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USMD applying CARMs - Orthopaedic surgery


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USMD in 2022 applying for CARMs 2022 R-1 CMG in Ortho.

1 month elective in Ortho in 3rd year, 3 months of Ortho elective in 4th year. No ortho elective in Canada due to COVID

I took a year research fellowship in Ortho in between 3rd and 4th year of med due to how competitive US ortho is. Currently have 6 pubs with 12 submitted for peer-review. 5 Ortho surgeons who have written me letters for US residency.

What are my chances? Will being USMD put me at significant disadvantage over Canadian grads?

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Ortho isn’t very competitive in Canada outside of Quebec.  There have been spots left over into the second round recently.

 So I think you’d have a good chance with the caveat that you would not have any local contact which could help get your foot in the door.  I think if you applied broadly though you’d get interviews

usually CaRMS happens first, but I believe currently NRMP occurs first - which means that you would have to not match in the US to have a chance to match in Canada.  

Interviews would probably help get a sense what your ranking strategy should be.

obviously there are significant practice differences between both countries including job prospects and remuneration.

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15 minutes ago, indefatigable said:

usually CaRMS happens first, but I believe currently NRMP occurs first - which means that you would have to not match in the US to have a chance to match in Canada.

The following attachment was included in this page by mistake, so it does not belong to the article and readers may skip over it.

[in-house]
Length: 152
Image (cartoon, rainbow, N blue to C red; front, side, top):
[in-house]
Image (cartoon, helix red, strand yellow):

For 2021 and 2022 this is indeed the case. Do you think CaRMS will revert to running earlier than NRMP for 2023 and beyond?

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20 hours ago, indefatigable said:

Ortho isn’t very competitive in Canada outside of Quebec.  There have been spots left over into the second round recently.

 So I think you’d have a good chance with the caveat that you would not have any local contact which could help get your foot in the door.  I think if you applied broadly though you’d get interviews

usually CaRMS happens first, but I believe currently NRMP occurs first - which means that you would have to not match in the US to have a chance to match in Canada.  

Interviews would probably help get a sense what your ranking strategy should be.

obviously there are significant practice differences between both countries including job prospects and remuneration.

Yeah, it's ridiculously competitive here but outside Quebec, you probably have a decent shot on paper. The x-factor is how admission committees will feel about taking a US applicant and nobody can answer that, unfortunately.